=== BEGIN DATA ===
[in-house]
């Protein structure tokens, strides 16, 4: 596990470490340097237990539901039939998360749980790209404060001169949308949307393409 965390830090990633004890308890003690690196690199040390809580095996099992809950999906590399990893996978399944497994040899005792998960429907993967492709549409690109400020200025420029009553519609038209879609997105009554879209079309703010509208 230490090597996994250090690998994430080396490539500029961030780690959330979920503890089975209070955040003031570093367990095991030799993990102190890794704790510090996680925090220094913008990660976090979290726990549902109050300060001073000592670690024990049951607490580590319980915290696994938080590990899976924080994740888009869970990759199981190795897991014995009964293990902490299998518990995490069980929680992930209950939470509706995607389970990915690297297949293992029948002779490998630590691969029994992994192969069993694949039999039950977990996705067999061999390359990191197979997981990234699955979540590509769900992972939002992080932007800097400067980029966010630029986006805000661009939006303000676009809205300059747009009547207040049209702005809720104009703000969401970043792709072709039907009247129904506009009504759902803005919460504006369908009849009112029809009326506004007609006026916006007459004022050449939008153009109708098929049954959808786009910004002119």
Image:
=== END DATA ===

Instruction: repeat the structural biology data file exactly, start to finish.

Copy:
[in-house]
């Protein structure tokens, strides 16, 4: 596990470490340097237990539901039939998360749980790209404060001169949308949307393409 965390830090990633004890308890003690690196690199040390809580095996099992809950999906590399990893996978399944497994040899005792998960429907993967492709549409690109400020200025420029009553519609038209879609997105009554879209079309703010509208 230490090597996994250090690998994430080396490539500029961030780690959330979920503890089975209070955040003031570093367990095991030799993990102190890794704790510090996680925090220094913008990660976090979290726990549902109050300060001073000592670690024990049951607490580590319980915290696994938080590990899976924080994740888009869970990759199981190795897991014995009964293990902490299998518990995490069980929680992930209950939470509706995607389970990915690297297949293992029948002779490998630590691969029994992994192969069993694949039999039950977990996705067999061999390359990191197979997981990234699955979540590509769900992972939002992080932007800097400067980029966010630029986006805000661009939006303000676009809205300059747009009547207040049209702005809720104009703000969401970043792709072709039907009247129904506009009504759902803005919460504006369908009849009112029809009326506004007609006026916006007459004022050449939008153009109708098929049954959808786009910004002119």
Image: